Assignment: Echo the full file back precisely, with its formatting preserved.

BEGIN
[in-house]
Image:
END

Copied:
[in-house]
Image: